(September 13, 2005) Lately B.E.L. has been keeping a low profile on the project, but in a late evening press release, the company announced that on Monday the Chalillo Hydroelectric Facility generated the first of what it hopes will be many billions of watts of power.
(September 1, 2005) Deals between foreign investors and governments have major implications for whether investment projects bring real benefits for the people and environments of the countries where they take place, or whether instead they undermine sustainable development.
(April 27, 2005) Belize’s prime minister has vowed to survive a wave of anti-government
strikes and riots but warned that the tiny Central American nation’s
debt crisis poses a serious threat to its economic future.
(November 12, 2004) Opposition against the Chalillo dam remains strong in Belize.
A $30 million dam, due to be completed next year, will generate needed power, but could turn off ecotravelers. "This is a bad project all the way around," says Gráinne Ryder, policy director of Toronto’s Probe International.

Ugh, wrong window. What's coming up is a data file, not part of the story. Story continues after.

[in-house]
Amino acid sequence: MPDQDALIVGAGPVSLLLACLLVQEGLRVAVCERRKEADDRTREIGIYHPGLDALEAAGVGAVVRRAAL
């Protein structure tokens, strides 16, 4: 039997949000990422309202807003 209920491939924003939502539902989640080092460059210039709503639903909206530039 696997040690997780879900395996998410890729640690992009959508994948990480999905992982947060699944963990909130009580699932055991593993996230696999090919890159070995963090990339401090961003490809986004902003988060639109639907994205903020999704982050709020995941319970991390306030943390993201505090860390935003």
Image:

(May 24, 2004) A $30 million dam, due to
be completed next year, will generate needed power, but could turn off
ecotravelers. "This is a bad project all the way around," says Gr√°inne Ryder, policy director of Toronto’s Probe International.
(May 21, 2004) Fortis Inc. has acquired
the remaining 5 per cent interest in Belize Electric Company Limited
("BECOL"), making it a wholly owned, indirect subsidiary of the
(February 5, 2004) Not even the most protracted and determined paper chase could have got at the true facts" about Chalillo. Lord Walker, Privy Council decision, London.
(January 31, 2004) In effect, the Belize
government used the imprimatur of Canadian money (via CIDA) to push
through approvals on the Chalillo project. After all, Canada is not a
corrupt country . . . but this is flawed logic.
(January 30, 2004) Coalition of environmental groups vow to fight on.
(January 29, 2004) The committee, the highest appeal court for the central American
Commonwealth country, did not accept the Chalillo dam would threaten
The decision to allow construction of a controversial hydroelectric dam
in the Central American rainforests of Belize caused sharp dissent in
the UK’s Privy Council.
(January 29, 2004) Stan Marshall, the chief
executive officer of Fortis, called the ruling a victory for his
company and the people of Belize, who he said support the dam.